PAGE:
- Exempt from the H-1B cap persons sponsored for H-1B status by institutions of higher education (or a related or affiliated nonprofit entity), a nonprofit research institution or a governmental research institution, and those for whom a petition is filed between 90 and 180 days after they obtained a Master’s or higher degree from an institute of higher education.
- Allow unused EB visas to be allocated to individuals from oversubscribed countries like India and mainland China.
- Permit H-1B status to be extended beyond the present six-year limit by the INS in one-year increments to persons who have filed an EB petition or an application for adjustment of status if a year or more has elapsed after the labor certification or a visa petition was submitted on the person’s behalf. Extensions would also be granted to those who have been negatively impacted by per country quotas.
- Allow a worker to change employers upon the submission, rather than the approval, of an H-1B petition to change employers.
With the H-1B cap scheduled to be reached within the next few weeks, and with the information technology sector of the economy unable to fill needed jobs because of the lowest unemployment rate in 30 years, the legislation is urgently needed. However, it faces an uncertain fate in both the Senate and the House of Representatives and possibly from the Administration.
Strange when even Federal Reserve Board Chairman Alan Greenspan has weighed in on behalf of increasing immigration of highly-skilled persons. In his recent testimony before Congress, Greenspan stated: “Aggregate demand is putting very significant pressures on an ever-decreasing available supply of unemployed labor. The one obvious means that one can use to offset that is expanding the number of people we allow in…Reviewing our immigration laws in the context of the type of economy which we will be enjoying in the decade ahead is clearly on the table in my judgment”
However, even if the H-1B bill is enacted into law, much remains to be done. The flip side of the H-1B coin is the lack of visa numbers in the EB categories. If the present bill passed, the number of H-1B workers will have increased in the past two years from 65,000 to more than 195,000 annually. Yet the number of green cards available to persons in the EB-1, EB-2 and EB-3 categories (and accompanying family members) remains frozen at 120,000.
Worse yet, over 500,000 immigrant visas, many of them in the employment-based categories, have been lost forever during the last three years because of processing delays.
Such a “system” results in ever-increasing backlogs, and makes foreign-born workers little more than indentured servants for their employers. H-1B workers from backlogged countries like India and mainland China might have to work for their employers from six to ten years before obtaining permanent residence. In our view, this is unconscionable.
This is not an argument for opposing the passage of the H-1B bill. It is, however, incumbent on Congress to raise the EB caps to match the increase in H-1B numbers. At the very least, the law should be amended to allow immigrants to recapture the 500,000 visas “lost” due to processing delays.
We have composed a sample letter (which you may feel free to copy) which urges your senators to (1) support S.2045, and to (2) amend S.2045 to allow for the recapture of the lost 500,000 visas. see
https://www.shusterman.com/s2045ltr.html (Link is no longer operational.)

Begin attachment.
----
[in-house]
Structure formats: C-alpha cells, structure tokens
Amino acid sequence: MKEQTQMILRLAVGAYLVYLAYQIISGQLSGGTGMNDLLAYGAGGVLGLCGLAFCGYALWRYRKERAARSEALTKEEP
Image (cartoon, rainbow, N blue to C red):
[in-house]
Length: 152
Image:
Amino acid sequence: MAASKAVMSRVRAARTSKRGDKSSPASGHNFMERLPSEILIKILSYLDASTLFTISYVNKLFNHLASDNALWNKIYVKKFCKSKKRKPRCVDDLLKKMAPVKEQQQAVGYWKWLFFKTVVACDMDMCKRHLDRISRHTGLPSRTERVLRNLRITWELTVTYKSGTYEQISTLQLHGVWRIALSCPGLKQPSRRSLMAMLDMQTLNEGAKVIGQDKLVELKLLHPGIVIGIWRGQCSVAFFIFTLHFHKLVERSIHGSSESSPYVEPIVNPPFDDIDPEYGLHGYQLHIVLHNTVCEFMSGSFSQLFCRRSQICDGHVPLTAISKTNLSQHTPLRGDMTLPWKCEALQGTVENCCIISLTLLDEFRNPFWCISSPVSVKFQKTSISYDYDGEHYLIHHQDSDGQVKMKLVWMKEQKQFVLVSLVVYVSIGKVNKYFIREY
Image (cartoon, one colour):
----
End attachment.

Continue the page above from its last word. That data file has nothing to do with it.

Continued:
Names, street and e-mail addresses of all 100 senators are included for your convenience.
What happens when all else fails, and the INS gives you an offer that you can’t refuse: a free plane ride home. If your case is Very, Very Sympathetic, think about asking your Member of Congress to introduce a private bill on your behalf. Of course, it would be best to ask a bit earlier…
Not that your odds are very good, see
However, when Congress reconvened on January 24, a number of private bills were introduced on the very first day on the legislative session.
The first was S.1999 which would grant not permanent residence, but U.S. citizenship, to the most famous six-year-old boy in the world, Elian Gonzalez. If Elian is granted citizenship, this will make him only the fifth person in the history of the U.S. to gain citizenship through a private bill, along with such luminaries as Winston Churchill and Mother Teresa. Opinions are mixed concerning whether to pass a private bill on Elian’s behalf, or to return him to his father in Cuba.
The second bill, S.2000, was introduced on behalf of an 18-year-old Canadian orphan, Guy Taylor, who happens to be our client, by Senator Dianne Feinstein (D-CA). Guy’s only relative in Canada, his mother, died tragically, when he was 16. All of his family lives in the U.S. and he has tried to enlist in the U.S. Army. However, unless a member of the House of Representatives agrees to sponsor a private bill on his behalf, he could find himself separated from his family, looking for an apartment and a job somewhere north of the border.
The third bill, S.2002, was also introduced by Senator Feinstein, on behalf of a 19-year-old Salvadoran Tony Lara who, in the words of the Senator, “has faced one tragic setback after another. In spite of enormous odds, Tony has become a high school graduate, a California wrestling champion and an inspiration to his community.”
Read the text of each of these bills (and others) as well as the comments of the sponsors in the Congressional Record by clicking on
and scrolling down to “Private Bills”
We now have a dozen chat transcripts online. Among the topics covered are how to obtain a temporary working visa, permanent residence and U.S. citizenship, how to complete immigration forms, special problems encountered by computer professionals, the outlook for the Visa Bulletin, and an I-9 primer for HR managers and employees.
Recently, we conducted chats regarding “Physicians: Benefits Available Under the New Law” and in anticipation of EB backlogs, “Strategies for Persons From Backlogged Countries -India and China”.
Join us tonight at 5pm, PST (8pm, EST) for “Raising the H-1B Cap: Congressional Valentine to the IT Industry?” and, on February 21st for “Nurses: H-1C’s, TN’s and Permanent Residence”.